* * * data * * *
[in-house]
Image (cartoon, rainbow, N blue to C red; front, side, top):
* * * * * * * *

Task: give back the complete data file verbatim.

[in-house]
Image (cartoon, rainbow, N blue to C red; front, side, top):